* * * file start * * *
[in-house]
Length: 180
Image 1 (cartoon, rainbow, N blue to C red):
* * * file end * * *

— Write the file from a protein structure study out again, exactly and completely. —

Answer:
[in-house]
Length: 180
Image 1 (cartoon, rainbow, N blue to C red):